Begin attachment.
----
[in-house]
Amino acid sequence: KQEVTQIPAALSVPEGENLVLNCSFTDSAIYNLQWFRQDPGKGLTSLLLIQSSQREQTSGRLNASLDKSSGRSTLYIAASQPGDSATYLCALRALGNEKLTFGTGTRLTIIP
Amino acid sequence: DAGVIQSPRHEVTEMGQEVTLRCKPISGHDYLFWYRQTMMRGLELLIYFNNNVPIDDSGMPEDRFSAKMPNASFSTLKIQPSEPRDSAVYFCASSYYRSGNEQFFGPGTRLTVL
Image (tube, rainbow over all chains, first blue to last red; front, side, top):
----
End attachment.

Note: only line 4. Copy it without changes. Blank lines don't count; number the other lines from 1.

Image (tube, rainbow over all chains, first blue to last red; front, side, top):